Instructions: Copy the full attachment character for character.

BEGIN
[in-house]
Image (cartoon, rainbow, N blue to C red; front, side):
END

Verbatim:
[in-house]
Image (cartoon, rainbow, N blue to C red; front, side):